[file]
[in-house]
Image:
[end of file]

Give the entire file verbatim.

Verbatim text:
[in-house]
Image: